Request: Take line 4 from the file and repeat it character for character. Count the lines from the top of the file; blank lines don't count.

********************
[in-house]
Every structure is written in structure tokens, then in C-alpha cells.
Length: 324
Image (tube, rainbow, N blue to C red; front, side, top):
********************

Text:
Image (tube, rainbow, N blue to C red; front, side, top):